Seven Ottawa Senators players issued an apology on Monday night after their conversation in an Uber ride — criticizing the team’s poor play and an assistant coach — was recorded and published online.
The five-minute recording, a grainy black-and-white video taken from the car’s dashboard, features players ripping assistant coach Martin Raymond, who is in charge of the penalty kill.
“Do you notice that when [Raymond] runs the video, if you actually do pay attention, he doesn’t ever teach you anything?” defenseman Chris Wideman said. “He just commentates what’s happening.”
Center Matt Duchene said: “We don’t change anything, ever. So why do we even have a meeting? I haven’t paid attention in three weeks.”
The apology, released by the team, was attributed to the players in the car: Thomas Chabot, Dylan DeMelo, Duchene, Alex Formenton, Chris Tierney, Wideman and Colin White.
“We want to apologize publicly to Marty Raymond, our teammates and coaches for our comments in Phoenix Arizona on October 29,” the statement read. “Our private conversation was recorded without our knowledge or consent. We’re passionate about our team, and focusing on growing together. We are grateful for the support of our fans and organization. This is an important learning experience, and we will do better.”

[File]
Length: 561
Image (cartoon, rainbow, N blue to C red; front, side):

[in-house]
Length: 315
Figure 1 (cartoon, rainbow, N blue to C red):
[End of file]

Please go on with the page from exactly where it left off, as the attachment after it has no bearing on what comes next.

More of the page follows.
The team also issued a statement from coach Guy Boucher.
“Nothing is more important to us during this rebuild than making sure our players and coaches are fully committed to our plan, our values and our system of play,” Boucher’s statement read. “We have every confidence in Marty Raymond’s coaching; in the effort and determination of our team; and in the sincerity of our players’ apology. We are now treating this as a team matter, and will be making no further comment to the media.”
The driver seemed unaware who the players were in the beginning of the drive, but asked which team they played for. The players then identified themselves as Ottawa Senators players.
The video was recorded while the team was on a road trip playing the Arizona Coyotes. Recording law in Arizona requires only one-party consent.
This is the latest in a string of embarrassing incidents for the Senators, who finished with the second-worst record in the league last season.
The biggest area of critique for the players in the car was the team’s penalty kill. The Senators had the third-worst penalty kill in the league through Monday night, killing off only 68.7 percent of penalties.
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